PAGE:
Langue: en

Version: 2010-09-16 (fedora - 01/12/10)

Section: 1 (Commandes utilisateur)


virt-edit - Edit a file in a virtual machine


  virt-edit [--options] domname file
  virt-edit [--options] disk.img [disk.img ...] file
  virt-edit [domname|disk.img] file -e 'expr'


You must not use "virt-edit" on live virtual machines. If you do this, you risk disk corruption in the VM. "virt-edit" tries to stop you from doing this, but doesn't catch all cases.


"virt-edit" is a command line tool to edit "file" where "file" exists in the named virtual machine (or disk image).

If you want to just view a file, use virt-cat(1). For more complex cases you should look at the guestfish(1) tool.


Edit the named files interactively:
  virt-edit mydomain /boot/grub/grub.conf
  virt-edit mydomain /etc/passwd

You can also edit files non-interactively (see ``NON-INTERACTIVE EDITING'' below). To change the init default level to 5:

  virt-edit mydomain /etc/inittab -e 's/^id:.*/id:5:initdefault:/'


Display brief help.
Display version number and exit.
--backup extension | -b extension
Create a backup of the original file in the guest disk image. The backup has the original filename with "extension" added.

Usually the first character of "extension" would be a dot "." so you would write:

  virt-edit -b .orig [etc]

By default, no backup file is made.

--connect URI | -c URI
If using libvirt, connect to the given URI. If omitted, then we connect to the default libvirt hypervisor.

If you specify guest block devices directly, then libvirt is not used at all.

--expr EXPR | -e EXPR
Instead of launching the external editor, non-interactively apply the Perl expression "EXPR" to each line in the file. See ``NON-INTERACTIVE EDITING'' below.

Be careful to properly quote the expression to prevent it from being altered by the shell.


"virt-edit" normally calls out to $EDITOR (or vi) so the system administrator can interactively edit the file.

There are two ways also to use "virt-edit" from scripts in order to make automated edits to files. (Note that although you can use "virt-edit" like this, it's less error-prone to write scripts directly using the libguestfs API and Augeas for configuration file editing.)

The first method is to temporarily set $EDITOR to any script or program you want to run. The script is invoked as "$EDITOR tmpfile" and it should update "tmpfile" in place however it likes.

The second method is to use the "-e" parameter of "virt-edit" to run a short Perl snippet in the style of sed(1). For example to replace all instances of "foo" with "bar" in a file:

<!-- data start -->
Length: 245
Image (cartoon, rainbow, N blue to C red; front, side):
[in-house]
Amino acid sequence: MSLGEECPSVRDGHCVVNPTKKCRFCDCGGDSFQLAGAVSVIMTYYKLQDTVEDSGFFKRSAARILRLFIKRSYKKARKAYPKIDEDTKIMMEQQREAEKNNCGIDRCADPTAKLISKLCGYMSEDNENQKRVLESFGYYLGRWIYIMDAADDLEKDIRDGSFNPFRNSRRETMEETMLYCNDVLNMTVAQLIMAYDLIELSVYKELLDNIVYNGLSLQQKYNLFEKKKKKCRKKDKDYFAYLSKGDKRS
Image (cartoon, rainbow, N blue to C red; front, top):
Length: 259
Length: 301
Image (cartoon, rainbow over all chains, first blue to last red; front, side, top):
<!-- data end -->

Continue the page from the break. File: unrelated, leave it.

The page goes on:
virt-edit domname filename -e 's/foo/bar/'

The full power of Perl regular expressions can be used (see perlre(1)). For example to delete root's password you could do:

  virt-edit domname /etc/passwd -e 's/^root:.*?:/root::/'

What really happens is that the snippet is evaluated as a Perl expression for each line of the file. The line, including the final "\n", is passed in $_ and the expression should update $_ or leave it unchanged.

To delete a line, set $_ to the empty string. For example, to delete the "apache" user account from the password file you can do:

  virt-edit mydomain /etc/passwd -e '$_ = "" if /^apache:/'

To insert a line, prepend or append it to $_. However appending lines to the end of the file is rather difficult this way since there is no concept of ``last line of the file'' - your expression just doesn't get called again. You might want to use the first method (setting $EDITOR) if you want to do this.

The variable $lineno contains the current line number. As is traditional, the first line in the file is number 1.

The return value from the expression is ignored, but the expression may call "die" in order to abort the whole program, leaving the original file untouched.

Remember when matching the end of a line that $_ may contain the final "\n", or (for DOS files) "\r\n", or if the file does not end with a newline then neither of these. Thus to match or substitute some text at the end of a line, use this regular expression:

  /some text(\r?\n)?$/

Alternately, use the perl "chomp" function, being careful not to chomp $_ itself (since that would remove all newlines from the file):

  my $m = $_; chomp $m; $m =~ /some text$/


If set, this string is used as the editor. It may contain arguments, eg. "emacs -nw"

If not set, "vi" is used.


guestfs(3), guestfish(1), virt-cat(1), Sys::Guestfs(3), Sys::Guestfs::Lib(3), Sys::Virt(3), <>, perl(1), perlre(1).


Richard W.M. Jones <> Copyright (C) 2009-2010 Red Hat Inc.

This program is free software; you can redistribute it and/or modify it under the terms of the GNU General Public License as published by the Free Software Foundation; either version 2 of the License, or (at your option) any later version.

This program is distributed in the hope that it will be useful, but WITHOUT ANY WARRANTY; without even the implied warranty of MERCHANTABILITY or FITNESS FOR A PARTICULAR PURPOSE. See the GNU General Public License for more details.

You should have received a copy of the GNU General Public License along with this program; if not, write to the Free Software Foundation, Inc., 675 Mass Ave, Cambridge, MA 02139, USA.